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1516-1587. Protestant historian and martyrologist. Born at Boston, Lincolnshire, he studied at Brasenose College, Oxford, and was fellow of Magdalen (1539-45). He became tutor to Thomas Lucy of Charlecote, and later to the earl of Surrey's children, when he met John Bale,* who stimulated his interest in history. He was ordained deacon by in 1550.
On Mary's accession (1554) Foxe fled to the Continent, taking a manuscript designed to be the first part of a history of the movement for the reformation of the church, published eventually in Strasbourg with the title Commentarii Rerum in Ecclesia Gestarum.... By September 1555 he was at Frankfurt, where he met other refugees, including,* who was recording the stories of the martyrs. Foxe joined Bale at Basle, where he found employment at the printing establishment of Oporinus; he also turned Grindal's martyr stories into Latin. At Mary's death, Grindal and his associates hurried to England, but Foxe remained to complete his book, bringing his history up to date and making use of Grindal's materials. Oporinus published it in 1559.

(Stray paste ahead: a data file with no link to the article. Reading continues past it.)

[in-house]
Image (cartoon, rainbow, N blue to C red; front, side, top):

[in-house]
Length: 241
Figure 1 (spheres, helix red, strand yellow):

Returning to England, Foxe was ordained priest by Grindal, now bishop of London. He joined forces with John Day, the printer, who published the first English edition of his book in 1563 as Actes and Monumentes (popularly known as Foxe's Book of Martyrs). Four editions appeared in his lifetime, profoundly influencing Elizabethan England. More recent editions have often been truncated, unrepresentative versions. Foxe spent the rest of his life in London with Day, and was buried in St. Giles', Cripplegate.
See J.F. Mozley, John Foxe and His Book (1940); and W. Haller, Foxe's Book of Martyrs and the Elect Nation (1967).